Calls for the resignation of Governor Rotimi Akeredolu have reached a crescendo as he governs the state remotely from Ibadan, Oyo State, following his return from a three-month medical trip to Germany. Concerns are mounting that the governance in Ondo State is on auto-pilot, prompting accusations that the First Lady, Betty Anyanwu-Akeredolu, is influencing the decision for the governor to remain in power despite reported health issues.
Governor Akeredolu, who returned to Nigeria on September 9, has yet to set foot in the state capital, Akure, choosing to stay at his personal residence in Ibadan. This prolonged absence has triggered political turmoil, with loyalists of the governor making moves to impeach Deputy Governor Lucky Aiyedatiwa.
Aiyedatiwa’s troubles began upon Akeredolu’s return, marked by the dismissal of all media aides in the deputy governor’s office. Allegations, including gross misconduct and financial recklessness, were levied against Aiyedatiwa, leading to impeachment proceedings. Despite intervention attempts by the National Working Committee of the APC, Aiyedatiwa’s political standing has been significantly marginalized.
While attention initially focused on the deputy governor, recent developments have shifted the spotlight back to Governor Akeredolu. Notably, the Ondo State PDP’s National Publicity Secretary, Kennedy Peretei, called for the governor’s impeachment, citing a violation of the constitution.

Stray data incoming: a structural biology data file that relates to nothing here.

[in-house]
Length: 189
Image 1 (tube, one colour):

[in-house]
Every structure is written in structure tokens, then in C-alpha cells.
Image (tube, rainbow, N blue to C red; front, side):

Legal experts, however, suggest that the process to declare Akeredolu incapacitated must begin with the state executive council. According to Section 189 of the 1999 Constitution, 2/3 of the executive council must pass a resolution declaring the governor incapable. This is followed by the formation of a medical panel to assess the governor’s health, with the panel’s findings determining the next course of action.
Despite these constitutional provisions, legal practitioners emphasize the practical challenges of such a process, as commissioners appointed by the governor may be reluctant to recommend his removal. Recent expressions of loyalty from 33 out of 35 State Executive Council members further complicate the situation, indicating a preference to await the next election in November 2024.
As the political drama unfolds, Ondo State finds itself at a critical juncture, grappling with questions of governance, constitutional processes, and the health status of its embattled governor.